I did like how well Boston was described by the author. I felt like I was there and could see everything. But then I felt like that same descriptiveness didn’t carry over all the time. There were some times in the action sequences that needed more descriptions about how things happened.

This one landed firmly in the middle for me. On one hand I didn’t love it like I was expecting to but on the other hand I wasn’t sure if that was because I hadn’t read the first book or if I truly just didn’t like the novel. In the end I decided to go for a 3 star review. I don’t know that I would read any more books in the series without first going back and reading the first book as it seems like things would make a lot more sense then,

Book Info and Rating

Kindle Edition, 336 pages
Published May 28th 2019 by Thomas Nelson
Free review copy provided by publisher, Thomas Nelson in partnership with TLC Book Tours, in exchange for an honest review. All opinions are my own and in no way influenced.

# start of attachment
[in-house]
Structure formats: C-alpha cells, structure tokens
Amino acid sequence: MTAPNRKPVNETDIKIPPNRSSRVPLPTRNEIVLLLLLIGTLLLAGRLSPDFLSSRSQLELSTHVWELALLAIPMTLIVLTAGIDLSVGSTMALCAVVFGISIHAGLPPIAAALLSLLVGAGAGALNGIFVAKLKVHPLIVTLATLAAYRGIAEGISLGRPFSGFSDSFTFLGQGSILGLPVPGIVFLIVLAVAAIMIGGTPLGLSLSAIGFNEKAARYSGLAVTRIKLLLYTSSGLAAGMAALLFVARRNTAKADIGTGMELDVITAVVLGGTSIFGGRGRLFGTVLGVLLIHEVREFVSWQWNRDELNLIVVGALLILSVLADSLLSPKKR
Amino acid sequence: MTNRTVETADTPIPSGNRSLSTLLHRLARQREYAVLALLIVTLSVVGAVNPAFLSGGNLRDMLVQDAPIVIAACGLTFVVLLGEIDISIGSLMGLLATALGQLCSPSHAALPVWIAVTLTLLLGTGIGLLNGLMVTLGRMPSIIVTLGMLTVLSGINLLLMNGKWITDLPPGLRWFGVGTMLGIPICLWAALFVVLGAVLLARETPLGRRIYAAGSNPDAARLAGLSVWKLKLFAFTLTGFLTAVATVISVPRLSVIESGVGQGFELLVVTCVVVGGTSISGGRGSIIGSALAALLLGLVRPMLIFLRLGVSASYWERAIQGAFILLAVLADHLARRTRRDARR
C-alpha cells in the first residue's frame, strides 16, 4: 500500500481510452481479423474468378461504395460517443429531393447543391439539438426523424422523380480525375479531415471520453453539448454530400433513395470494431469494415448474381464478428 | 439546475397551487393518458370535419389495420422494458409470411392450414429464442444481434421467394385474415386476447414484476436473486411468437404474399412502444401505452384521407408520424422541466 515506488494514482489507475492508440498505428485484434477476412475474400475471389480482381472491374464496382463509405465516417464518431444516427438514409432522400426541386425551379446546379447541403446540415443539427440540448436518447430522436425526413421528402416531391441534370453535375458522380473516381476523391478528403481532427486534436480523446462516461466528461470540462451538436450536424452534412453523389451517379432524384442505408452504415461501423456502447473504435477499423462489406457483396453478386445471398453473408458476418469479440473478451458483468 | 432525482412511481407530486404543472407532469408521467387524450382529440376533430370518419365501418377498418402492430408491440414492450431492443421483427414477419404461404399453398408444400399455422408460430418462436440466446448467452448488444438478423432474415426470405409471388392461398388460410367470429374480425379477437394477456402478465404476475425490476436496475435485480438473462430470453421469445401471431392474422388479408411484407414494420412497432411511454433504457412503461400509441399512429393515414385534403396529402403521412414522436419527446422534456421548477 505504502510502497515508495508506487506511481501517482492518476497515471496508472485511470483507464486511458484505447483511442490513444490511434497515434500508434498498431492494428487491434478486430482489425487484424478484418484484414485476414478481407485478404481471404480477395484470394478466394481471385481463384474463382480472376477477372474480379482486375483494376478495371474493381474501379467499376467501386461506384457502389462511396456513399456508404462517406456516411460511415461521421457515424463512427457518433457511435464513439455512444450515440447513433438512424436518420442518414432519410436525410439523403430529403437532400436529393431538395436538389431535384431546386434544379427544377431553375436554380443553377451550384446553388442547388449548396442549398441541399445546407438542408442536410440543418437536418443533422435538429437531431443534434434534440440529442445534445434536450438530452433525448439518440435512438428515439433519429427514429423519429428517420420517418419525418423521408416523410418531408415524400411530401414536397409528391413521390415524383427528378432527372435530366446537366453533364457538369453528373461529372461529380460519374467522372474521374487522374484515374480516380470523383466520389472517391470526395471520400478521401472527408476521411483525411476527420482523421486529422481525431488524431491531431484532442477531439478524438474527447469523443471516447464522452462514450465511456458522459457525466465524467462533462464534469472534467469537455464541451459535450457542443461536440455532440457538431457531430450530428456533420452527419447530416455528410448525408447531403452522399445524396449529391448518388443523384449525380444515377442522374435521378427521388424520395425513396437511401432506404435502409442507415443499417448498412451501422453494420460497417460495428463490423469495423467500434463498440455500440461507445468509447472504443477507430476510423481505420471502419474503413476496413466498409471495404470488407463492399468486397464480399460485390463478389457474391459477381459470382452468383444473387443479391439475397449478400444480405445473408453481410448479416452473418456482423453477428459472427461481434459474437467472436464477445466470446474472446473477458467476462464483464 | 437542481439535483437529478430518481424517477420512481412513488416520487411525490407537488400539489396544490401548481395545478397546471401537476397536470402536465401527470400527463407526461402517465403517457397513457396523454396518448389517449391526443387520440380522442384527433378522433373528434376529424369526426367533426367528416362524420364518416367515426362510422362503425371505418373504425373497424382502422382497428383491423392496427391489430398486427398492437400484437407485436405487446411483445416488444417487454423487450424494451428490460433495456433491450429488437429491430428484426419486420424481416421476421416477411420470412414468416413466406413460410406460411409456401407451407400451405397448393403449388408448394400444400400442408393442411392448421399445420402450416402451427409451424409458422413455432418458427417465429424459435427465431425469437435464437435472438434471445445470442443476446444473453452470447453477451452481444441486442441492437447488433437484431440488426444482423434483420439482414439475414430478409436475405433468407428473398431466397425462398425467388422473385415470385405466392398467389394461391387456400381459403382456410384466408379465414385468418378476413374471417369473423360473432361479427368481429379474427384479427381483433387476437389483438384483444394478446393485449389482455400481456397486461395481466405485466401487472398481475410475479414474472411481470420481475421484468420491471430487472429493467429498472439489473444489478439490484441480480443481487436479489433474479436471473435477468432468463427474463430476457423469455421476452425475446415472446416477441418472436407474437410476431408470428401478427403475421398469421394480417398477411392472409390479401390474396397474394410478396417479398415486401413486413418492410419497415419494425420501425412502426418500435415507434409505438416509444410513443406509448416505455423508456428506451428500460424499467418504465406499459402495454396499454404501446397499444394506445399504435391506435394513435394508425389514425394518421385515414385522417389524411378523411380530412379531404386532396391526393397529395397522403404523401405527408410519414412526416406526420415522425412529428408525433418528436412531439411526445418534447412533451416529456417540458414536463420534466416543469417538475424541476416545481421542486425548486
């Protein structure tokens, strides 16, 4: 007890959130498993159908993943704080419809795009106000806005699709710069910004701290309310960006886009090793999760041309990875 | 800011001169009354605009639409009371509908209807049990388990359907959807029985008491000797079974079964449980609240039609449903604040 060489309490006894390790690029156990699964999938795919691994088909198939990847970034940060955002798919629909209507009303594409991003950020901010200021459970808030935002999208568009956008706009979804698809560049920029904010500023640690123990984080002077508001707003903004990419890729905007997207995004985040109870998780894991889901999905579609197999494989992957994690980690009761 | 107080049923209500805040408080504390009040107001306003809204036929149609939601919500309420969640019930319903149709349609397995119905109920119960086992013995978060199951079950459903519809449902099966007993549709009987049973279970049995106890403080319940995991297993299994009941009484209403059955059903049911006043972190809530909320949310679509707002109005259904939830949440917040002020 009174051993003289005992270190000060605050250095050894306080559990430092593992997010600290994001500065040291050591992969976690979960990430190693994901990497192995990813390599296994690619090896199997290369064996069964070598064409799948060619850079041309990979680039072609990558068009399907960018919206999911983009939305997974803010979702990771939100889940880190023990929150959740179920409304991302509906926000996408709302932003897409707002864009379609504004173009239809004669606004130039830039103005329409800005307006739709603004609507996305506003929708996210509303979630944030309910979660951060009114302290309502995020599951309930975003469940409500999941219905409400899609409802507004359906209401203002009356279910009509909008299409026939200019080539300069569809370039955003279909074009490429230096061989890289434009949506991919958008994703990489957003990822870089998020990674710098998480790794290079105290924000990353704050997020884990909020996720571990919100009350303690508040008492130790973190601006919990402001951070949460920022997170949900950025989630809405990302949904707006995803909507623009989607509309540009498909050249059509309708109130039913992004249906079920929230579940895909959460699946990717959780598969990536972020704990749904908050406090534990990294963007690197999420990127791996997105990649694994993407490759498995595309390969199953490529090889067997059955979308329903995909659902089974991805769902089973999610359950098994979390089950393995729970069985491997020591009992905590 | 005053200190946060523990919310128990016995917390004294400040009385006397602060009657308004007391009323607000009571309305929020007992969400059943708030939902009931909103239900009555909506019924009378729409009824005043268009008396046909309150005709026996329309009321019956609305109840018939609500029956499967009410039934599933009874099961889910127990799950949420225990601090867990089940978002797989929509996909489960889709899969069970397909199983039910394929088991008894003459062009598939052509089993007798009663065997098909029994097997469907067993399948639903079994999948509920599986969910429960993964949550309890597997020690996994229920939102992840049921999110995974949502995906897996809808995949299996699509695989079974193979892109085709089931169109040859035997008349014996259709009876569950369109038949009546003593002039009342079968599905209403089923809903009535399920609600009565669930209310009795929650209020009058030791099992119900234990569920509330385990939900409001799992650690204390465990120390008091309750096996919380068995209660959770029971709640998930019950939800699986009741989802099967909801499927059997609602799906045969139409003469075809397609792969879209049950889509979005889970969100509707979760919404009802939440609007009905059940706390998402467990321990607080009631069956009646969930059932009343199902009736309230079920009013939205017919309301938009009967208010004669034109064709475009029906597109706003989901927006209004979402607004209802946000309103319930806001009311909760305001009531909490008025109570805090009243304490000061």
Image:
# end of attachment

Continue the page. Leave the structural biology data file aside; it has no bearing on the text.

Rating: 3 stars
GenreL historical fiction, historical mystery
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My Thoughts:
This was such a fun read.  I loved this view on a time in history that I’m always trying to learn more about.  It’s 1940’s but before the United States enters the war.  There are all kinds living here.  It’s a great melting pot in Boston.  But not everyone is happy.  

There are those who don’t like the black or the Irish.  But then there are those who don’t like the Italians and the Jews.  They want them gone and will stop at nothing to get what they want.

I love a good mystery book and this definitely qualifies.  What could Boston and Toronto have in common?  Why target an up and coming great ball player?  Because he’s black?  And why beat up his nephew?  It gets worse before it gets better.

Also, where is Hamish’s cousin Luca?  And what is going on with Nate?  Why is he so preoccupied and why does Hamish get the feeling he’s being lied to?

Full disclosure, I have not read book one of this series.  I wish now I had so if you’re like me and want to know the back story that will be alluded to please read book one first.  

Other than not knowing everything that is mentioned since I didn’t read book one, this is a great read.  I’m a huge fan of mysteries and this was excellent.  I loved getting to know the characters and found myself shaking my head at Reggie multiple times.  The descriptions of her clothes were awesome too.  As I said, this is a time period I like and the clothes are the best!